After leading the nation and the world to believe he would respond forcefully to Syria’s use of chemical weapons, President Obama abruptly pivoted over the Labor Day weekend.
He determined that Congress should help make that call.
It looks to be a nifty political sidestep, rather than an attempt to marshal national unity and resolve.
You can be sure that Syrian dictator Bashar Assad and the world’s leaders took note of the president’s pliable “red line” — the warning he made to Syria against chemical-weapon use.
Granted, the options are not appealing. Americans are in no mood for another Mideastern military venture.
The President is being attacked by members of Congress both for not doing enough to help Syrian rebels and contemplating a military strike against Assad’s forces.
But such criticism and painful decisions come with the presidential territory.
By simply passing the global hot potato to Congress, Obama conveys a lack of purpose and direction.
Until this weekend, the administration had been signaling it would undertake a limited military strike against Syria.
The administration provided compelling evidence of Syria’s use of toxic weapons and argued for the need to respond quickly and decisively.
But over the holiday weekend the administration’s stand evolved into “Never mind.”
The president decided he needed to hear first from Congress, but the matter was not so urgent that he needed to call Congress, on recess until Sept. 9, back into session.
Some red line.
We feel it would be wise for the United States to focus solely on Syria’s stockpiling and use of chemical weapons, and not get involved, as Sen. John McCain and others want, in the broader conflict.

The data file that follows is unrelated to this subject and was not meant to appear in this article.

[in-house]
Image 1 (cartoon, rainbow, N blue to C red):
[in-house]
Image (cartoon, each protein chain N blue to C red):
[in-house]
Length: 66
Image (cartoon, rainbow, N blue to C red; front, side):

The rebels include jihadists sympathetic to al-Qaida. They are unquestionably fighting an evil dictator, but they hardly represent the forces of goodness and light. A post-Assad Syria, as we’ve written, may also pose a threat to American interests.
But that does not mean the United States should not punish Syria for using illegal and inhumane weapons, which could easily fall into the hands of terrorists.
As former State Department counselor Eliot C. Cohen points out in The Wall Street Journal, the president has the right to initiate military action. Limited pinpoint strikes could badly damage Assad forces, and discourage the further use of poison weapons.
By announcing what will surely be a lengthy delay, the president will allow Assad to move his illegal weapons and prepare for any retaliation.
The president could have made the case that there is a difference between entangling the United States in a dubious civil war and allowing a rogue tyrant to dismiss American warnings and commit crimes against humanity.
He chose to pass the buck for what looks to be transparently political reasons.
The president surely recognizes his delay will likely shift attention and blame for the issue to a divided Congress.
The president can once again blame partisan politics — not his lack of guidance — for a crisis.